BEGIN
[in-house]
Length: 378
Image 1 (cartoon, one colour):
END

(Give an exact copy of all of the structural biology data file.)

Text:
[in-house]
Length: 378
Image 1 (cartoon, one colour):